2

I have a class called SQLProvider, it contains methods for both opening and closing a SQLite database connection. Using annotations or another approach, is it possible to flag a compiler warning if the open method is used without also calling close?

{
    SQLProvider provider = new SQLProvider();
    provider.open()
    // display a compiler warning unless provider.close() is also invoked in this code block
}
5

I am not sure it would be the best approach but you can make your class implement Closeable interface . As per the Eclipse documenatation, Eclipse will display warning :

When enabled, the compiler will issue an error or a warning if a local variable holds a value of type 'java.lang.AutoCloseable' (compliance >= 1.7) or a value of type 'java.io.Closeable' (compliance <= 1.6) and if flow analysis shows that the method 'close()' is not invoked locally on that value.

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0

There is currently no such facility in the standard Java toolchain.

In addition to the Eclipse compiler warnings (see New Idiot's answer), some static code analysers can warn you about this:

But the problem is these warnings are more or less heuristic. They only understand certain standard idioms for reliably closing resources. If you do it some other way (which is still provably reliable) they are likely to produce a false warning. This is not necessarily bad (because doing this a non-standard way is liable to fool / puzzle future readers!). However the possibility of false positives may tempt developers to ignore or (worse still) suppress the warnings.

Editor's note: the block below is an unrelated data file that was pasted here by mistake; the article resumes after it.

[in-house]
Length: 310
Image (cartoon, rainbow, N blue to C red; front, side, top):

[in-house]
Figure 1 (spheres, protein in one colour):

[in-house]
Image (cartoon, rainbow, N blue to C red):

There are a couple of additional issues:

  • These checks may give a false negative for resource objects that have a close() method without implementing Closeable or AutoCloseable.

  • These checks may give a false negative for Closeable / AutoCloseable resource objects where the close() operation is a no-op; for example, StringWriter.

These issues may explain why the standard Java toolchain doesn't support this.

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